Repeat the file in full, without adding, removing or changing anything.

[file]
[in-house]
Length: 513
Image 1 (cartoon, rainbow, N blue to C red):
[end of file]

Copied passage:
[in-house]
Length: 513
Image 1 (cartoon, rainbow, N blue to C red):